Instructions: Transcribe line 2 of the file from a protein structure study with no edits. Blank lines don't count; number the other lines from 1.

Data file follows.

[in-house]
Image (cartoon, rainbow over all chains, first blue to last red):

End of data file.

Image (cartoon, rainbow over all chains, first blue to last red):